In 2010, Central Hudson Gas & Electric Corp. hosted its inaugural Solar Summit, offering state and local professionals in the solar electric industry information on interconnecting their projects, a platform to network, the latest trends and programs, and opportunities to share their experiences and solutions. This year, Central Hudson hosted its 10th annual Solar Summit on March 3 at the Locust Grove visitors’ center in Poughkeepsie, and much has changed since the event initially launched.
Entering 2010, there were 195 solar systems in Central Hudson’s territory, the majority of which were small-scale residential rooftop systems, with a combined installed capacity of 1.4 megawatts. Today, there are more than 9,380 installations with a capacity of about 131 megawatts, with additional systems on the way: more than 360 systems are in queue, with a combined installed capacity of about 220 megawatts. A growing number of these connections are now large scale commercial or community distributed generation. There are also seven battery storage systems and seven more in queue with a combined capacity of nearly 14 megawatts. On a per capita basis, Central Hudson’s service area has among the highest concentrations of solar development in the state.
“Central Hudson supports the growing accessibility of distributed generation and renewable energy, and we are proud of the partnerships we have made with the local developers and advocates,” said Charles A. Freni, CEO and President of Central Hudson.
Freni noted that the utility has made strides in its interconnection process by developing its hosting capacity maps and system data portal. Central Hudson has also made significant investments in the distribution system to increase the grid’s ability to interconnect and manage distributed energy resources.
New York signed into law the Climate Leadership and Community Protection Act (CLCPA), which puts the state on a path to reach net zero greenhouse gas emissions. “The rapid growth in solar installations and battery storage is helping to reduce the state’s carbon footprint, but it also places additional stresses and costs on the operation of the electric grid, which was not originally built for two-way power flow,” Freni continued. “We advocate for programs that facilitate the most efficient/least costly approach to renewable energy, while maintaining or improving the system’s power quality and reliability.”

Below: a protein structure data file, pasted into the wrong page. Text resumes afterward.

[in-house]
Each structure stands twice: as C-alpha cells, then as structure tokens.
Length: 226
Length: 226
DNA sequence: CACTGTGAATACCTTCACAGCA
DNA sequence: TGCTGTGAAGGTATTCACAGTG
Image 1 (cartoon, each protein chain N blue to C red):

The annual Solar Summit is an opportunity for all stakeholders to discuss the direction of industry and how to shape it in a manner that provides the best outcome for customers and the environment. Presenters included representatives from the New York State Energy Research and Development Authority (NYSERDA), City University of New York, New York Battery and Energy Storage Technology Consortium and Central Hudson.
Nearly 100 industry professionals and utility representatives attended to learn of the procedural aspects of interconnecting solar electric systems with the utility grid; advances in tools and programs developed by Central Hudson, New York state and advocacy groups to enable smart solar development; and New York state solar policy, including development of community solar projects that allow businesses and residents to purchase electricity produced by local solar farms.
“The Solar Summit is important for us to keep up with the current industry trends, how Central Hudson is embracing them and what we should be looking forward to as an industry in the years to come,” said Bryan McGurn, co-owner of Lighthouse Solar in New Paltz.
Alison Neligan, a project manager with NYSERDA, presented on the NY-Sun program, which provides incentives to make solar installation more affordable.
“This annual event is a great way to provide developers with information on NYSERDA, changes to our programs and updates to what’s coming out both statewide and throughout the industry,” Neligan. “Our goal is to keep everyone informed and on the same page. Central Hudson has been a tremendous partner in helping more New Yorkers realize the benefits of renewable energy sources like solar while accelerating progress towards the achievement of Governor Cuomo’s nation-leading climate and clean energy goals.”
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